Tropical forests sustain hundreds of wonderful and seldom seen mammal species: spanning jaguars, tapirs, monkeys and elephants. Many of these are rare, endangered and unstudied. Also, given how hard they are to observe we often lack an understanding of which species occur in what locations. In a coordinated multi-year effort across three continents, members of the so-called “Tropical Ecology Assessment & Monitoring (TEAM) Network” have addressed that.
The research team examined tropical forest mammals using a network of automatic cameras. These cameras, known as “camera-traps”, were set up in 1002 locations in three continents, and provided millions of mammal photographs. Douglas Sheil, Professor Forest Ecology and Forest Management at Wageningen University & Research and senior author of the study: “We used these photographs and statistical models to map, for the first time, where 161 mammal species occurred within and among multiple protected areas. In particular, we assessed how species with different body sizes, diets and specialisations occurred in our sampling sites, and whether any patterns were consistent across continents.”
Selective species found more widely
The study was recently published in Proceedings of the Royal Society B: Biological Sciences. Sheil: “The results show that, in all continents, plant-eating species tend to be the most widely distributed within these forests when compared to meat-eaters. In the American tropics, smaller species cover more of the landscape than larger species.”
Importantly, many species in the tropical protected areas assessed in this study across America and Africa that are selective about their type of landscape (specialist species), use more of the available forest landscape than anticipated, given their potential fussiness. This seems to be good news for biodiversity conservation, as these species are often at a higher risk of extinction. The results of the study suggest that protected areas provide an important benefit to these species, as they are particularly vulnerable to human activities and impacts, and protected areas seem to be a refuge for them. Not all implications are fully understood, though, which remains work in progress.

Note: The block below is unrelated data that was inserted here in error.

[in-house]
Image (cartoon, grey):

More forest conservation needed in South-East Asia
However, the study also highlights that these patterns are different in the tropical forests of South-East Asia. Here specialist species appear particularly restricted within the forest habitat available to them, i.e. they occur in fewer sites than do generalists species.
First author Asunción Semper-Pascual from the Norwegian University of Life Sciences noted the problem of such species being highly restricted in how they use forest: “For instance, our analyses indicated that within their local range, specialist species such as the Dusky Langur or the Sunda Clouded Leopard occur in less than 4% of the locations where our camera-traps were placed. While generalist species, such as the wild pigs, occur in more than 65% of our camera-trap locations. This suggest that additional conservation actions are needed to conserve specialist species in South-East Asian protected forests.”
In effect many of the rarer and more vulnerable species do not use most of the protected forest available to them. The researchers will continue their work to understand the causes and implications of these patterns, and their practical significance for conservation.